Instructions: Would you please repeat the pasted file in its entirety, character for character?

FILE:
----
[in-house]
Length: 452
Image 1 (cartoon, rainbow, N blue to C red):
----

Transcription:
[in-house]
Length: 452
Image 1 (cartoon, rainbow, N blue to C red):